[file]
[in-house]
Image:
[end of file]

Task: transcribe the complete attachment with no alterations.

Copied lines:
[in-house]
Image: